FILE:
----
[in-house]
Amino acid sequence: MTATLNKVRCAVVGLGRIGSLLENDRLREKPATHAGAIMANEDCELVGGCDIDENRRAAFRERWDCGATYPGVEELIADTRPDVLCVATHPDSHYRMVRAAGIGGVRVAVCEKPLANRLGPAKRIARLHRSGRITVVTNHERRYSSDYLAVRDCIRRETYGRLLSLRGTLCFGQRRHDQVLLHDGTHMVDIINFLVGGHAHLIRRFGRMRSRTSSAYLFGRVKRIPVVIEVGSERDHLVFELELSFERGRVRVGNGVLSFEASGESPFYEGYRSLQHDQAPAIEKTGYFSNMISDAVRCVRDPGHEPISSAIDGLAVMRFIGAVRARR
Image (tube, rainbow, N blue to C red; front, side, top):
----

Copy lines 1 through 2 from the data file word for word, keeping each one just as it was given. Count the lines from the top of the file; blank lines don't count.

[in-house]
Amino acid sequence: MTATLNKVRCAVVGLGRIGSLLENDRLREKPATHAGAIMANEDCELVGGCDIDENRRAAFRERWDCGATYPGVEELIADTRPDVLCVATHPDSHYRMVRAAGIGGVRVAVCEKPLANRLGPAKRIARLHRSGRITVVTNHERRYSSDYLAVRDCIRRETYGRLLSLRGTLCFGQRRHDQVLLHDGTHMVDIINFLVGGHAHLIRRFGRMRSRTSSAYLFGRVKRIPVVIEVGSERDHLVFELELSFERGRVRVGNGVLSFEASGESPFYEGYRSLQHDQAPAIEKTGYFSNMISDAVRCVRDPGHEPISSAIDGLAVMRFIGAVRARR